All that expense for nothing. Still no cycle track!
A bus negotiates the sharp bend and tries to avoid mounting the pavement.
I noticed that some road works at the junction of Abbey Road and Knee Hill
had been left half completed for a month or more so I dropped off an enquiry via
the councils website as I had always been intrigued by the green cycle track
that goes along the middle of the road there. Why are you wasting yet more
money restricting the road width underneath the flyover at the boundary with Greenwich?
13 days later on 16th March 2008 I received a brief reply from Andrew Bashford,
Team Leader (Traffic Projects). The purpose of the scheme is to
improve safety for cyclists and to reduce vehicle speeds in this location. The
route along the length of Abbey Road and on towards Greenwich is part of the
London Cycle Network Plus network of key cycle routes in London. The completed
scheme will enable cyclists to use a designated portion of the widened footway,
and so not risk being hit by passing motorists, and then allow them to get
across the road and continue along this cycle route. As well as providing for
cyclists, the changes will also provide safer and clearer facilities for
pedestrians. The road surface will be improved throughout the junction and,
although the road will be narrowed slightly, it will not affect use by vehicles
other than to encourage slower speeds at this busy point.
This was not hugely unreasonable unless you think that spending money on a very
small number of cyclists is unwise for a Conservative council claiming to be
looking for savings. London Cycle Network Plus is a group of cyclists who have
banded together to form a pressure group. Their mission statement is to
influence decision making.
I replied immediately, Thank you for your explanation. The cycling arrangements
at that junction have been laughable for several years and I have often held
them up as an example of Bexleys prize buffoonery (the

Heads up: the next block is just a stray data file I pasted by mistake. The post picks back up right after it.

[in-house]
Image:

track in the middle of the road) in the road traffic planning
department. I shall have to look for another one. I can appreciate the need to
slow traffic but surely the problem lies with the long straight section
alongside Lesnes Abbey that seems to encourage many to speed? If your speed
detectors along that stretch record peak speeds Im sure you will have seen
several over 70mph. Worse are those that travel at similar speeds on the wrong
side of the keep left bollards.
Later the same day Mr. Bashford said, Thank you for your reply. I should add
that, as the length of Abbey Road forms the cycle route, we also have plans to
make changes to this road. Whilst these are unlikely to deter those that go the
wrong side of the keep left bollards, it should cause some reduction in general
speed, but again is mainly aimed at making the route safer for cyclists. This
work is planned for later in the year. I appreciate that this will cause
further disruption to the area, but should be worthwhile in the end.
The formal submission to the Cabinet Member for Transport, Peter Craske, dated 13 October 2006
was The proposals in this area allow for widening of the footway to accommodate
both cyclists and pedestrians. The proposals also include for (sic) improvements to
the pedestrian crossing facilities an (sic) all arms of the junction area.
The on-pavement cycle track which was
Mr. Bashfords justification for spending money on the Knee Hill junction has,
18 months later at the time of writing, never been installed, nor is it shown on current plans.
Neither has the crossing been improved, except that the road it crosses is
narrower. The original proposal is no longer available on the councils website
but none of the anticipated improvements saw the light of day, so the
whole scheme was a glorious waste of £67,500s worth tax payers money. Again!
The above nonsense proved to be merely a precursor to the enormous sums wasted (and for
similar reasons) on the disgracefully mismanaged vandalism of Abbey Road,
Belvedere that has been on-going throughout 2009.